Cristiano Ronaldo: The conversion from winger to striker


In recent years, astronomical developments have taken place in the playing style of Cristiano Ronaldo. Transforming from a mercurial, goal scoring winger, cutting inside to shoot, aiming to outmanoeuvre to a supreme goalscorer, who’s superb movement, timing of runs and footballing brain have allowed Ronaldo to acclimatise in a new role. As a result, Ronaldo is as ever a huge benefit for Real Madrid.

Cristiano Ronaldo’s importance to Real Madrid in the goalscoring department, as well as Ronaldo’s own desire to score goals on a consistent basis have led to a change in the way Ronaldo scores goals. Having scored at least 33 goals in all of his seven seasons with Los Blancos, Ronaldo is the primary source of goals.

What exemplifies Ronaldo’s increase in attacking instinct, is that rather than receiving the ball in deeper areas of midfield, and aiming to create a chance through breaking down the opposition defence, Ronaldo now makes off ball runs from the left hand side of the “BBC” (Bale, Benzema and Cristiano) front line. As a result, Ronaldo can receive the ball further forward, possibly in a greater amount of space, and have more effect on the outcome of chances. Ronaldo spends less time within a wide midfield position, which leaves him exposed to markers (yet, this attracts defenders, and Ronaldo’s runs take markers out of the game completely). This in itself means Ronaldo is further forward consistently throughout encounters, leading to the idea that he may now be a no.9.

Furthermore, the change in how the Real Madrid attacker receives the ball, leads to less time being spent with possession. Cristiano Ronaldo became synonymous for his flamboyant wing-play, able to beat a defender in an array of ways; trickery, using pace to good effect and also continuity with either right or left full-back. Excellent performances earned Ronaldo a free role within both Manchester United and Real Madrid side, with a licence to roam across the attacking third. While with Manchester United, Ronaldo was guided by both legendary manager Sir Alex Ferguson, and established coach Rene Meulensteen, improving all areas of his game in order to become the complete attacking force

Cristiano Ronaldo predominantly played as a winger for Manchester United. But along with Wayne Rooney and Carlos Tevez, Ronaldo helped form one of European football’s most fearsome front lines, where each player exchanged positions in order to confuse and disfigure the structure of the opposition defence, while also maintaining the same attacking functions.

During the latter part of his time with United, Ronaldo started in a centre-forward position more often, and was once again the fulcrum of Manchester United’s attack. As a centre-forward, Ronaldo was able to attack the heart of the opposition defence, and drop into midfield to receive the ball.

This can be credited as a big change in Ronaldo’s role in a team. While with Real Madrid, Ronaldo has played as both a wide player and a central striker, with Ronaldo playing as a Striker alongside Gonzalo Higuain during his debut season. Both Jose Mourinho and Carlo Ancelotti however deployed Ronaldo as a left-winger.

While with Manchester United, Ronaldo was at times criticised for his lack of defensive work, not assisting the full back while the opposition were attacking. In sheer contrast, Ronaldo has been highlighted for his tracking back while with Los Blancos, most notably during the 1-2 El Clasico victory (March 2016).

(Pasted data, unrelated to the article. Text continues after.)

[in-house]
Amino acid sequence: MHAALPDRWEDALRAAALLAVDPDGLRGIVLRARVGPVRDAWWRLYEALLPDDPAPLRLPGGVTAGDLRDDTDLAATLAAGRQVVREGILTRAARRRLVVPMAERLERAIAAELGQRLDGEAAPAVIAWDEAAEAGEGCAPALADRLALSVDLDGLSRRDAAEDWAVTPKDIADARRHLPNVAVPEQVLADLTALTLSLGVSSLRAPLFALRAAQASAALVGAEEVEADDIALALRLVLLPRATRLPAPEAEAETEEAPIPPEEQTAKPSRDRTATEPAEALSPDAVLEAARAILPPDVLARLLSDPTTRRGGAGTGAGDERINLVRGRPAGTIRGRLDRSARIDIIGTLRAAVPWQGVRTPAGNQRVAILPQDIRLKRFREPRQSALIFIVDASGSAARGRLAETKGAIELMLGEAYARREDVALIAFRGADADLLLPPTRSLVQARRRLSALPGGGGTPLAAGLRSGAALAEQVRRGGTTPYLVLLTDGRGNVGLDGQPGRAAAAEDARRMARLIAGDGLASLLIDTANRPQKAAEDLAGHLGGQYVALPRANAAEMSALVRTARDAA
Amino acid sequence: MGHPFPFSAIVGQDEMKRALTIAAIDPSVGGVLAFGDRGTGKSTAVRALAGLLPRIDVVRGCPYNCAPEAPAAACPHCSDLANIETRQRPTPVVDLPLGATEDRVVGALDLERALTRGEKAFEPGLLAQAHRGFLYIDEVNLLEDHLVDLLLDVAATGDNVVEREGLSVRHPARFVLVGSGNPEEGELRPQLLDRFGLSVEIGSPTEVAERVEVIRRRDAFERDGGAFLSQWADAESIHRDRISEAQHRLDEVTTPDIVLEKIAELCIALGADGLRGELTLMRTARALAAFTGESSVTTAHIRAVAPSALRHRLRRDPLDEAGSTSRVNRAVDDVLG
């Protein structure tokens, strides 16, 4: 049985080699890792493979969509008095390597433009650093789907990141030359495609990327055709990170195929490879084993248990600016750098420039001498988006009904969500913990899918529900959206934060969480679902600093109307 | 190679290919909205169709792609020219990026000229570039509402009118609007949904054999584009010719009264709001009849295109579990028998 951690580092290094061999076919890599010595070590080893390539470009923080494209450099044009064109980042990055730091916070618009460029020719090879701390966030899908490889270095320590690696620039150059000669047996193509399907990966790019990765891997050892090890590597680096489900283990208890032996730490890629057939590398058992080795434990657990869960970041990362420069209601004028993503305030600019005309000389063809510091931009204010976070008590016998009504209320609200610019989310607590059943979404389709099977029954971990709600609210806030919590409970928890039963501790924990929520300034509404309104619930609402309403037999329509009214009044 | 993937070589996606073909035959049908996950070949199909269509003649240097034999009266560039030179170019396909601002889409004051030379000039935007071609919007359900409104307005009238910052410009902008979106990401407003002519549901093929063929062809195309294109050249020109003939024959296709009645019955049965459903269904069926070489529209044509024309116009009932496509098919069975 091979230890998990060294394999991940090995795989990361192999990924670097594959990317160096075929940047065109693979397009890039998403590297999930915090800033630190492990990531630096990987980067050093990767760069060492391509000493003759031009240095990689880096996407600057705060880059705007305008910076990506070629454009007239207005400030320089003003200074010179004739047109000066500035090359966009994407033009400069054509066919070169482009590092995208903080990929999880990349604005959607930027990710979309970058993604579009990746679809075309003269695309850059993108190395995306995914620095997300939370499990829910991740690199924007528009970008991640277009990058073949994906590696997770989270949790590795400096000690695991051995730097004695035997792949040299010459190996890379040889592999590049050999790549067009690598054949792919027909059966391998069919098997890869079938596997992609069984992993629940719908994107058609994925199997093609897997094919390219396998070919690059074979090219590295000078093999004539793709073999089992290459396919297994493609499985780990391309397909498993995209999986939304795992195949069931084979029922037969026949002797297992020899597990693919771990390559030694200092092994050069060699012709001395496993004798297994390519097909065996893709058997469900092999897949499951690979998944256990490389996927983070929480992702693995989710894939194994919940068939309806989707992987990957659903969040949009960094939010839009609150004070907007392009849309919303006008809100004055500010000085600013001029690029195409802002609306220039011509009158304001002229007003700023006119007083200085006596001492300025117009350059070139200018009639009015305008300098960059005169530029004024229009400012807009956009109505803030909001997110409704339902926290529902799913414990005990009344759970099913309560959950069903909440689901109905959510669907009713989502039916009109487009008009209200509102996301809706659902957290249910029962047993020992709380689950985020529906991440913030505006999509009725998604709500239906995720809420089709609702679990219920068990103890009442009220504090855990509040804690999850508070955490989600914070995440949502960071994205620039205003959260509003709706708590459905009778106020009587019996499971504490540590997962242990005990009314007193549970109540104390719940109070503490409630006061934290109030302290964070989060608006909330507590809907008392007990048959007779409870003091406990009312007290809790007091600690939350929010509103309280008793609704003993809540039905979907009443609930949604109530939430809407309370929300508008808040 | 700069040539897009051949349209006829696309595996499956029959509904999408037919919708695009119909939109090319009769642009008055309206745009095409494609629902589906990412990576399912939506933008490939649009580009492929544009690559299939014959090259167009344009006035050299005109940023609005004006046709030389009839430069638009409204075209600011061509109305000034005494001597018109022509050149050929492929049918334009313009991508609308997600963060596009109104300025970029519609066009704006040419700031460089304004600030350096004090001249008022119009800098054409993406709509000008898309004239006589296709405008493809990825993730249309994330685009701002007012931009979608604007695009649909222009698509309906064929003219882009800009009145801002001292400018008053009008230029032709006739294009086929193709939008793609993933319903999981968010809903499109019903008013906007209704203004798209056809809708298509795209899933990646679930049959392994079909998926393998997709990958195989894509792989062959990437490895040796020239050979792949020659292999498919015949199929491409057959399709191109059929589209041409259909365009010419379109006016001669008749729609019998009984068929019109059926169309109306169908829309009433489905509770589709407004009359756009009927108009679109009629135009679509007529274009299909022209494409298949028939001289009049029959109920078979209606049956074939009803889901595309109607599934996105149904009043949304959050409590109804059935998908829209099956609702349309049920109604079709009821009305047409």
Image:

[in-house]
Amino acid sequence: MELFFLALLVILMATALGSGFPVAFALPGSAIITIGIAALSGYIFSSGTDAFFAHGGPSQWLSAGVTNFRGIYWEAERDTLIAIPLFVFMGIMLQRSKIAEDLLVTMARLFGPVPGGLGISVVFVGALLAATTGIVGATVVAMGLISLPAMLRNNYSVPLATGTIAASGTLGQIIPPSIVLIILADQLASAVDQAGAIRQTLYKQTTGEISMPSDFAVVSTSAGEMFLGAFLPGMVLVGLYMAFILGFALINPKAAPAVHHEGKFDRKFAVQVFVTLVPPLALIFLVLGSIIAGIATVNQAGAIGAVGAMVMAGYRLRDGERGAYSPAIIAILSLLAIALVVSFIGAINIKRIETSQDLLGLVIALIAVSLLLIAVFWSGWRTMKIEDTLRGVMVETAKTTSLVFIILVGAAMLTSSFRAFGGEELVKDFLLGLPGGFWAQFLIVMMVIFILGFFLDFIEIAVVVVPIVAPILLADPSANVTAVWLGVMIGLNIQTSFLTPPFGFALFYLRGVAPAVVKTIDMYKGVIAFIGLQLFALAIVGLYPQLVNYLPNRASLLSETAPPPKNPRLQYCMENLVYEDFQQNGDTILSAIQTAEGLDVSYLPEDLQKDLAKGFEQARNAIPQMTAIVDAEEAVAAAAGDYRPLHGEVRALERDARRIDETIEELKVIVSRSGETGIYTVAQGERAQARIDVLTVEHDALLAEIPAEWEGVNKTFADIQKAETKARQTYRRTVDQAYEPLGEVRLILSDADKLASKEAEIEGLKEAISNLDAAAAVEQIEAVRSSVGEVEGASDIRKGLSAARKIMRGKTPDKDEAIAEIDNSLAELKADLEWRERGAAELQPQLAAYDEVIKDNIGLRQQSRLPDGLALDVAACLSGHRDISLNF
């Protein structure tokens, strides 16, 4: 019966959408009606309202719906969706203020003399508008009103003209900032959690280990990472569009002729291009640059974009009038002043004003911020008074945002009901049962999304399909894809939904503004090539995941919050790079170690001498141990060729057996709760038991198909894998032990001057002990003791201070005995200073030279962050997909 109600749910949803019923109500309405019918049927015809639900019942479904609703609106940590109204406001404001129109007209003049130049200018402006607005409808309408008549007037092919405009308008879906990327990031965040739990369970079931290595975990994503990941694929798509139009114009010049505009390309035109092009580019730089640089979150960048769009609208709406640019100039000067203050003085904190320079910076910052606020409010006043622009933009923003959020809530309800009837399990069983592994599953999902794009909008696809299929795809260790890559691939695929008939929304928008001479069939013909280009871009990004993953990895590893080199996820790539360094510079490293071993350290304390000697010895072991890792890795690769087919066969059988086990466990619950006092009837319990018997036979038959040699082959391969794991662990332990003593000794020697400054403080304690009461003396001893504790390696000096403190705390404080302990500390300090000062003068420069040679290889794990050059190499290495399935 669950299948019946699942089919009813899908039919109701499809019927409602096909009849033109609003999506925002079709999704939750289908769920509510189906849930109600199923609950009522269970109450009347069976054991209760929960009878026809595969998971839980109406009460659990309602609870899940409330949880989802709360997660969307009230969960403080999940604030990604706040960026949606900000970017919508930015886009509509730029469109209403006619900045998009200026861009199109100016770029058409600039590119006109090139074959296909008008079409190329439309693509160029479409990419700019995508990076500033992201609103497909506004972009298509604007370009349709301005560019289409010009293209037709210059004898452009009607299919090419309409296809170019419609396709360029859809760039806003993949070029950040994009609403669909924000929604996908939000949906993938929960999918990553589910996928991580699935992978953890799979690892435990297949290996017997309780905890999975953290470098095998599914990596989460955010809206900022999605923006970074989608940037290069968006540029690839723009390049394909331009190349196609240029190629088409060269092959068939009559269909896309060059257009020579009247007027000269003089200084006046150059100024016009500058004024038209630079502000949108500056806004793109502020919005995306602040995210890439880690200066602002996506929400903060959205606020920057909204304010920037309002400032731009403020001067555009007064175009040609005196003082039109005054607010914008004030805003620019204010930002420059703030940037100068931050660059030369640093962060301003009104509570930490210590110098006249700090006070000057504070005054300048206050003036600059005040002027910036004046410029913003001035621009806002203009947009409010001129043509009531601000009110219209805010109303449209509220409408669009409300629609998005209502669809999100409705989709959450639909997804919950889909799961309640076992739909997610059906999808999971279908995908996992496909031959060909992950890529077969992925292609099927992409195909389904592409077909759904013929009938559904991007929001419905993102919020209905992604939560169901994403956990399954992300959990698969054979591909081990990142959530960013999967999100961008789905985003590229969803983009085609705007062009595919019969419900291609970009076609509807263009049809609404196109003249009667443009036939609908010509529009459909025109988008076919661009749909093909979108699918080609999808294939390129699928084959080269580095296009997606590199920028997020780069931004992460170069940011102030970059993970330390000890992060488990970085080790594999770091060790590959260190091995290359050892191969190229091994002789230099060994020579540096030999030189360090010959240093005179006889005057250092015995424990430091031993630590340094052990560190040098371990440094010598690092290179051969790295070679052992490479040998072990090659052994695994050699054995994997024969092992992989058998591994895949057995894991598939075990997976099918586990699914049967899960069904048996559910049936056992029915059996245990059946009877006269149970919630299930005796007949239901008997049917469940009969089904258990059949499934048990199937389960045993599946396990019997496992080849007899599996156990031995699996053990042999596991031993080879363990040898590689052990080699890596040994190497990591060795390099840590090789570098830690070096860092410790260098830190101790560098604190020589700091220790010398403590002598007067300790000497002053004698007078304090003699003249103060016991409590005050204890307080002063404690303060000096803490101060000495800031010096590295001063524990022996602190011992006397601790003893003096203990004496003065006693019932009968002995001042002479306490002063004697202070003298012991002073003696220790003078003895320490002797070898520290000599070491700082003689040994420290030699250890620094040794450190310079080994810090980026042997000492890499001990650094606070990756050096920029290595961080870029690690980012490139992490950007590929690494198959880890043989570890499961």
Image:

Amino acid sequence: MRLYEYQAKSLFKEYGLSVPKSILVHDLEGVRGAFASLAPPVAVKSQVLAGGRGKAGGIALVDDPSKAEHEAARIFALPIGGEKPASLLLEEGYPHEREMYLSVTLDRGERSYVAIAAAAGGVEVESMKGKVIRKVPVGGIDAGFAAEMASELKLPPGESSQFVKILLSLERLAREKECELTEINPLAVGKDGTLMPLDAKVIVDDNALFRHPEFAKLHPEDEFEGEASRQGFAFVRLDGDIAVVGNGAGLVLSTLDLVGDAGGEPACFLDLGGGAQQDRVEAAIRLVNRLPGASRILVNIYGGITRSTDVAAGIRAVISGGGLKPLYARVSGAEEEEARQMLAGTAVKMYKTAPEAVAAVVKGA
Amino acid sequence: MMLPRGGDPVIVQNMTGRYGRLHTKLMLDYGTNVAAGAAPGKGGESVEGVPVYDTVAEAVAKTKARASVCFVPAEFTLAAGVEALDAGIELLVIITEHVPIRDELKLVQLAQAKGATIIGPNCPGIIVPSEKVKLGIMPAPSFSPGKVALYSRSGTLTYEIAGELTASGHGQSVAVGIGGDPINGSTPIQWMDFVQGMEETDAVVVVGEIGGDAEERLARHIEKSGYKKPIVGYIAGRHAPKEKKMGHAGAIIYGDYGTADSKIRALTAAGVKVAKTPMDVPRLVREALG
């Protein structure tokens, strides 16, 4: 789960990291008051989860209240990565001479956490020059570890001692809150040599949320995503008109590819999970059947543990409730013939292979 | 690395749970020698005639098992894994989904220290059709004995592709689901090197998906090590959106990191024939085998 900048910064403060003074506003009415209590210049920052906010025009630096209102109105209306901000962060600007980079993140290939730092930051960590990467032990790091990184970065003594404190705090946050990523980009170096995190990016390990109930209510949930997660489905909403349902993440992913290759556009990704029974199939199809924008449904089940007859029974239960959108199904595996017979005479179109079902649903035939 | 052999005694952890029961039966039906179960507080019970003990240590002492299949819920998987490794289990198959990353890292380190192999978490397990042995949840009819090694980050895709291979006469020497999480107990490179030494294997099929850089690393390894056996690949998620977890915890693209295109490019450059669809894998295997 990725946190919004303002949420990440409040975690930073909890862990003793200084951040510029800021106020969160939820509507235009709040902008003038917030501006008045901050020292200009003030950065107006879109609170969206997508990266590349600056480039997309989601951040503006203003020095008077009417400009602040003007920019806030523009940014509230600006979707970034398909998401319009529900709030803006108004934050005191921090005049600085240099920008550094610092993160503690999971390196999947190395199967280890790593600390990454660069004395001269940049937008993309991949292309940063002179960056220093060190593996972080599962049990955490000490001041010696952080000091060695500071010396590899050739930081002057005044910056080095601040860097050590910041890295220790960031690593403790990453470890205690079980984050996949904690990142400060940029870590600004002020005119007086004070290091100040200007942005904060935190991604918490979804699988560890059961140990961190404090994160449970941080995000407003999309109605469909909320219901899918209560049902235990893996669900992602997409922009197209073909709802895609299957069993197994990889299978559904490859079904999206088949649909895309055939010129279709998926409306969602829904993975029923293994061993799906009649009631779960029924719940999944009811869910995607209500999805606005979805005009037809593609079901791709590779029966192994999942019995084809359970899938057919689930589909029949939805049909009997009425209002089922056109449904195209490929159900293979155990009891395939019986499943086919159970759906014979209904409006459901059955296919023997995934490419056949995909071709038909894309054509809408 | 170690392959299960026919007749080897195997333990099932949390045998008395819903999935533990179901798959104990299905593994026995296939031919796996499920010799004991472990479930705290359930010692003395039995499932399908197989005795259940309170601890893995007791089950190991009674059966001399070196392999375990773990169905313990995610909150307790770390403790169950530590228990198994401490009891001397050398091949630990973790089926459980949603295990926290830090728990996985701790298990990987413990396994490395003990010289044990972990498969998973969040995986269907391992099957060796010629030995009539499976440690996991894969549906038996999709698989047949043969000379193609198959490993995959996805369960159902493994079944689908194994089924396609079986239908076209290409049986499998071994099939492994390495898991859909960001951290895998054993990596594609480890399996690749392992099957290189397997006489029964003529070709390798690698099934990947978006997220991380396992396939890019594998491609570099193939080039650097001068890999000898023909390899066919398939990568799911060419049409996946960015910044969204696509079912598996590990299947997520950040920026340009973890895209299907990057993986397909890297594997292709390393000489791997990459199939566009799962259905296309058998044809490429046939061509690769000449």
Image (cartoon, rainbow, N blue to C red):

However, since the significance of goal scoring has increased, Ronaldo has become less significant on the ball. This may be seen as a decline in Ronaldo’s career, having less direct influence on the respective teams attacking buildup, perhaps less of a “complete attacker”. But it is in fact a tactical masterpiece on the Portugal captains behalf. Ronaldo’s age and change in approach over the years have perhaps resulted in a lack of long distance running with the ball.

Regardless of this, Ronaldo’s increase in maturity, as well as excellent movement have allowed Ronaldo to develop. Still deployed on the left hand side, Ronaldo’s timing of diagonal runs into the opposition penalty area means that he loses the marker easily, and is able to be found by a teammate. The connection between Ronaldo and his teammates expresses Ronaldo’s overall improvement as a team player.

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Cristiano Ronaldo has the ability to holding onto the ball to allow teammates into play.
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The comparisons between Cristiano Roanldo, and FC Barcelona’s Neymar, showcase that Neymar has much more involvement in his respective team-up, as well as completing more take ons. Yet, Ronaldo is the greater goalscorer, which also exemplifies the larger significance goals have on the Portuguese’s game.

The changes in the playing style of Cristiano Ronaldo are evident, having occurred for a variety of reasons; changes in manager, a greater player considering tactical changes and age (could this have an even bigger impact; eventually becoming an “out and out” goal poacher?). However, it is still difficult to decide which position the Real Madrid star really is. Ronaldo even with the steady decline in impact, does still retain the fantastic ability to take on defenders. As a result of the consistent diagonal runs, could Ronaldo be titled as an inverted left winger? Or because of the significance of goals in his game is Ronaldo a target man?

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